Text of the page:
I joined this group in Winter 2017 since I wanted to know more about it.  One of my majors was Asian American Studies, and I had learned so much about myself through it.  Throughout high school, most of my education was Eurocentric, and while I found that interesting, I also found that I could not completely relate.  Asian American Studies gave me an opportunity to learn the world around me which I took for granted.  I remember going home and telling my dad how I learned about home temples in Little Saigon.  To that, he gave me a funny look and said, “We go to Little Saigon almost every weekend.  Have you not been paying attention.”   I could not imagine my UCI experience without it, and I wanted to know what went into making the major.

During the winter quarter, my research partners and I began our research looking at the course catalogues and the New U to figure out what time span we wanted to focus on as well as to see if there was written documentation of any of the protests.  From there, we collectively chose to focus on the 90’s since though the course catalogues, we discovered that Asian American Studies became a minor in 1996 and then a major the following year in 1997.  We found this fact to be odd considering the University claimed it was the 25th anniversary when the minor was created twenty years ago.  Through the New U, we learned of ESCAPE (Ethnic Students Coalition Against Prejudicial Education).  During Wayzgoose in 1991, now called Celebrate UCI, 200 protesters marched during the event demanding for Ethnic Studies.  This protest was not only for Asian American Studies, but also for African American Studies, Chicano/Latino Studies, Native American Studies.  From ESCAPE, the school made each group certain promises such as developing a program or more faculty. From there, we went up to the Special Collections and Archive to look at Rice Paper, Academic Senate Records, and later on the Cross Cultural Center Records.  Rice Paper was a student run newspaper that started out as East/West Ties in 1983. In 1991, East/West Ties changed its name in 1991 in order to transition its focus to more Asian American issues.  Rice Paper was like a treasure trove because it offered insight into what the students were concerned about during that time and provided contextual background.  To our disappointment, Rice Paper ended in 1997 citing a growing apathy to Asian American issues.  The Academic Senate Records were also disappointing.  We had gone through many boxes, but our findings were scarce.  Because we knew the years that Asian American Studies became a minor and a major, we knew there had to be corresponding paperwork.  We were unable to find the minor proposal, but we were able to find the major proposal.  The Cross Cultural Center Records were like gold.  We found newspaper clippings from local newspapers of the protest, documentation of the hunger strike, letter correspondences, and forms.  We had finally found physical evidence, and we were able to construct a basic timeline.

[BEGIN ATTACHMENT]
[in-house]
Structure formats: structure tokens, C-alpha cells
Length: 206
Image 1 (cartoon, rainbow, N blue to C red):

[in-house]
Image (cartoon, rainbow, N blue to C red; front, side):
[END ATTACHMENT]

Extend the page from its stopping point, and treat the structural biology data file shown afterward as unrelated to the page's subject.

Rice Paper cover

In 1991, the protest during Wayzgoose occurred, and the school had made several concessions in order to appease the groups.  However as many of the other groups got what they demanded for, Asian American Studies was left behind.  In 1992, the students were able to get onto the hiring committee, but problems arose during the hiring process.  In 1993, the students protested on April 22nd, 1993 by occupying the Chancellor’s Office which was later followed by a 35 day rotational hunger strike.  On the last day of school, June 10th, 1993, they decided to occupy the Chancellor’s Office again to show the administration that they were not going to go away and will be a presence at UCI.  They had slogans such as “World Class, My Ass” calling out the school for claiming that they were a World Class University while ignoring the fact that  42.6% were Asian American.  Following those protests, Professor Yong Chen, now the Associate Dean of the School of Humanities, was hired in 1993 as a joint appointment in Asian American Studies and History.  A search committee, which included one graduate student representative and one undergraduate representative,  was formed to hire more faculty.  From this Professor Dorothy Fujita-Rony and Professor Claire Jean Kim were hired.